In an editorial in the Atlanta Journal-Constitution, Jimmy Carter explains the "overwhelming ethical, financial, and religious reasons to abolish the death penalty." The former President and founder of The Carter Center notes that the tide of public opinion has been steadily turning against capital punishment, with a solid majority of Americans now preferring an alternative punishment to the death penalty.
Since the death penalty was reinstated in the 1970s, studies show there is no deterrent effect, and 138 exonerations of people sentenced to death demonstrate a dramatic error rate in capital sentencing.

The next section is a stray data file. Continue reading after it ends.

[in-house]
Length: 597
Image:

"The cost for prosecuting executed criminals is astronomical," Mr. Carter writes. "Since 1973, California has spent roughly $4 billion in capital cases leading to only 13 executions, amounting to about $307 million each."
Finally, moral arguments for the death penalty are undermined by the fact that our use of the death penalty demonstrates bias against the poor, people of color, and those with diminished mental capacity.
A growing number of states have abolished the death penalty in recent years, citing the facts that Mr. Carter highlights. Last month, Connecticut became the 17th state — the 5th in five years — to abolish capital punishment.